∆R = 1 (2π)4 d4 k e−ikx k2 1 − M 2 + iǫk 0 (with the implicit prescription to take ǫ → 0 after integration). Is the subtraction of ’zero point’ contributions essential in this check? µ Pµ φ(x) ei a µ Pµ = φ(x − a) Exercise 7. (2 + M 2 ) ∆hom (x) = 0. we can write for ∆R an integral where the k 0 integration remains along the real axis. Pµ ] for the (real) scalar field using the expressions for the fields and momentum operator in terms of creation and annihilation operators. (2 + M 2 ) ∆inhom (x) = −δ 4 (x).3 (a) Show that the correct implimentation of symmetries in the Hilbert space. Give also the expression for ∆C . (c) What are the poles in the integral under (b) in the (complex) k0 plane? (d) Depending on the paths in the k0 plane going from k0 = −∞ to k0 = +∞ one can distinguish four different Green’s functions (solutions to the above inhomogeneous Klein-Gordon equation): k0 -E E ∆ R (retarded) ∆ C (causal) ∆ ∆A (advanced) Show that by appropriate shifts of the poles into the complex plane. f (Λk) = f (k) for Lorentz transformations Λ. (b) Check the above commutation relation [φ(x). ∆hom (Λx) = ∆hom (x) if f is an invariant function. (Similarly one can show that for the advanced Green’s function ∆A (x) = 0 if x0 > 0). (b) Show that ∆inhom (x) = 1 (2π)4 d4 k e−ikx 1 k2 − M 2 is a solution of the inhomogeneous Klein-Gordon equation.2 Prove that the equal time commutation relations between quantum fields φ(x) and Π(x′ ) are equivalent with the commutation relations between a(k) and a† (k ′ ) Exercise 7. . It is invariant.Quantization of fields 64 Exercise 7. e−i a requires [φ(x). Pµ ] = i∂µ φ(x).4 (Green’s functions) (a) Show that ∆hom (x) = 1 (2π)4 d4 k e−ik·x δ(k 2 − M 2 )f (k) is a solution of the homogeneous Klein-Gordon equation. (e) Show that ∆R (x) = 0 if x0 < 0.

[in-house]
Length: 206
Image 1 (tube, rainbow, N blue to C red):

or ǫ(k 0 ) = θ(k 0 ) − θ(−k 0 ). (h) Show that the causal Green’s function ∆C (x) = θ(x0 ) ∆+ (x) − θ(−x0 ) ∆− (x). . (g) Show that the homogeneous solution ∆ in (f) satisfies ∆(0. x) = 0 and argue that one can use Lorentz invariance to show that ∆(x) = 0 for x2 < 0.Quantization of fields 65 (f) By performing the k0 integration over any closed path C (encircling one or both of the ples) show that 1 1 d4 k e−ikx 2 ∆(x) = − 4 (2π) C k − M2 are homogeneous solutions for the contours: k0 −E ∆_ ∆+ E ∆ One way of showing this is to write these contours as integrals of the form under (a). In that case one actually needs discontinuous functions f (k) such as the step function. f (k) ∝ θ(k 0 ). (i) (Optional) Give similar expressions for the other Green’s functions under (d) in terms of the homogeneous solutions under (f).